Down a neighboring alleyway in the historic district, along Raadets Gade (Street), I found the dynamic Shaka-Man-Zulu (aka Charles Matthew). Speak of local color. This owner of a fine handcrafted jewelry store was dressed in full-feathered regalia. Charles creates elaborate costumes, along with shields and spears, for the yearly Carnival. An entrepreneur by nature, he states, “I couldn’t find the costumes that I wanted, so I started to design my own along with the jewelry and weaponry.”
After a chat with Charles, I continued to explore the streets passing the 99 Steps built by the Danes to solve the dilemma of climbing the hillside. At the top of the steps, I was at the foot of more stairs leading to the historic watchtower in Blackbeard’s Castle, built in the 1600s to keep an eye on the enemy ships beyond. Close by sits Hotel 1829, once a townhouse for a French sea captain.
Two more not-to-be-missed sights in walking distance from this area are the St. Thomas Synagogue, the second oldest synagogue in the western hemisphere and the Camille Pissarro Gallery. The synagogue was originally built in 1796 by Sephardic Jews and still contains floors covered with sand—derived from the practice of Crypto-Jews during the Spanish Inquisition to muffle their prayers and footsteps to keep from being burnt at the stake or tortured.
Presented in a glass case is a photo of the town’s most famous Jewish resident, impressionist painter Camille Pissarro. The painter’s home is a landmark on Main Street, now the Camille Pissarro Gallery, featuring dozens of renowned artists’ works including some of Pissarro’s masterpieces.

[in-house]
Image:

You can’t go hungry in St. Thomas with the droves of local eateries. Note that the town closes, including many of the restaurants, by 5 p.m. on the dot. It was at Gladys’ Café, set in a 300-year-old stone building with beamed ceilings off of Palm Passageway, where I tasted my first Johnny cakes, similar to fritters or New Orleans beignets (without sugar).
Gladys herself is quite a character. Every morning, she is in her kitchen cooking up everything from curried goat, stewed oxtails to Kalaloo soup—a spinach gumbo with ochre. She also jars her world-famous-house-made hot sauces, which can also be ordered online. She may just belt out a song without warning. During my tasty lunch of Mahi Mahi with rice, pigeon peas, and plantains, she broke into “The Summer Wind” a cappella.
Just around the corner stands Amalia Café, for hearty Spanish paella and a scrumptious blueberry bread pudding (which melted in my mouth), with refreshing sangria to wash down the meal. Owner Randolph Maynard will soon open a French-style restaurant, The Gavel, on top of Main Street.
A fun place to dine and hear the calypso sounds, dancing, limbo, and a fulfilling buffet is at Bolongo Bay Beach Resort, an approximate 25-minute car ride snaking through the mountainside. I couldn’t help but get up and dance, when I heard those rhythmic steel drums. The resort offers all-inclusive stay packages with meals and activities.
I returned here again for my final night to experience the Sunset Harbor Cocktail Cruise. I was stretched out at the helm of the catamaran, sipping a cool drink, while meditating on the mountainside and soothing sounds of the waves. I now knew that my mission of relaxation and serenity had come to fruition.
For further information on U.S. Virgin Islands, contact www.visitusvi.com.
Beverly Mann has been a feature, arts, and travel writer in the San Francisco Bay Area for the past 28 years. She has received numerous accolades in the fields of travel writing, education, and international public relations, including a Bay Area Travel Writers Award of Excellence in Newspaper Travel Writing; www.beverlymann.com.